Carrot Salad with Coriander and Pistachios

Was flipping through my Bon Appetit magazine the other day and came across a great sounding recipe that I had to test last Sunday.  It was their Carrot Salad with Coriander Vinaigrette and Pistachios from the recent May issue.  Perfect for a sunny day!

Ingredients:

¼ cup unsalted, shelled raw pistachios
¾ teaspoon coriander seeds (thought I had seeds and realized too late I didn’t, went ground)
½ garlic clove, finely grated (only half a clove?!?! — yeah right!)
3 tablespoons fresh lemon juice
¼ teaspoon crushed red pepper flakes
⅓ cup olive oil
Kosher salt
1 pound carrots, peeled, julienned or coarsely grated (totally use the food processor with the right blade)
1 cup fresh cilantro leaves with tender stems (didn’t keep much of the stems on and chopped it a bit)

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For ease, take those carrots to the food processor.  Throw them down the tube and get them shredded quickly.

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Preheat oven to 350°. Toast pistachios on a rimmed baking sheet, tossing occasionally, until golden brown, 6–8 minutes. Let cool; coarsely chop.  Note:  I normally just toast them on the stove, easier.  And, second note, I had roasted ones to begin with so didn’t have to do anything — saved a step!

Toast coriander in a small dry skillet over medium heat, tossing often, until fragrant, about 1 minute. Let cool; coarsely chop. — this is where I just threw some ground coriander in the pan and toasted it, worked just as well!
Whisk garlic, lemon juice, red pepper flakes, and coriander in a large bowl, then whisk in oil; season with salt. Add carrots, toss, and let sit at least 30 minutes.  I sort of threw all those ingredients on top of the carrots and stirred — it worked.

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Toss with cilantro and pistachios just before serving.

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(DO AHEAD: Salad (without cilantro and nuts) can be made 1 day ahead. Cover; chill.)

This was absolutely delicious!  So quick and easy to make.  Will be a great recipe for the summer for cookouts, BBQs, etc!  And, it’s gluten and lactose free and vegetarian, so will work for many people.

Dominion Cherry Blossom Lager

I was at an Asian restaurant last week and they had a unique seasonal beer out that I had to try, though the true feeling was a few weeks old.  Dominion’s Cherry Blossom Lager.

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Dominion, I found out, is now part of Fordham.  Nice and local!  So, hence the celebration of cherry blossoms.  The taste was pretty unique, a bit fruity, crisp and light.  And the beer had little pink things floating in it, not sure what, but it looks pretty neat.  Great way to start spring.

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SA Winery Visit #4 — Muratie

We were very fortunate on our winery tour because there were only 3 people in the group (vs up to 16).  Our guide was also amazing.  Based on the great blend of people, the guide made sure that we fit 4 wineries into the day and finished the outing with an amazing vineyard.  The close the tour, we visited Muratie in the Stellenbosch.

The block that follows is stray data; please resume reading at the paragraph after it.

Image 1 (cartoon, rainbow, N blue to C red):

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It’s one of the oldest estates in South Africa and that is evidenced by the amazing wine, stories and other things you see.

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IMG_0509They have not cleaned spider webs off some things to maintain ambiance…nice.

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At Muratie we were once again able to choose which wines we would like to sample, and shared amongst each other.

I started with the Melck’s Rose, which was made with Cab Franc.  Nice, crisp and refreshing.  And a steal at R45.

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Next I went to their Laurens Campher (Blended White).  It’s 46% Chenin Blanc, 25% Sauvignon Blanc, 19% Verdolho, 10% Viognier.  Buttery was my take on it. R95.

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Then I had a quick sip of their Lady Alice Methode Cap Classique.  Was this beer?  The reason I say that is that it tasty yeasty.  R120.

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Ok, red time!!!  Started with the Melck’s Red, a 50/50 Shiraz/Cab blend.  Just a nice, easy dinner wine.  R50.

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Moving down the line, next came the George Paul Canitz Pinot Noir.  It had a black pepper nose and for the taste — a bit of green pepper, chocolate and some berries.  Quite unique.  R165.

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Then came Shiraz time, Ronnie Melck Shiraz to be exact, from the family selection.  NICE!!!!!!  Normally it’s not available for tasting but we lucked out.  Smoke, tobacco, smooth…very similar to a pinotage.  Very worthy of the price of R350.

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To wrap up the tasting there was the fortified wine, Ben Prins Cape Vintage.  With 19.5% alcohol, it was a bit chewy with notes of chocolate and blackberry.  R170.

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This winery was great to just look around and see fun parts of.

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Amazing winery to wrap up an amazing day!  It’s tough to get these/their wine in the States but I am going to keep working on it to continue enjoying amazing vino.  Cheers!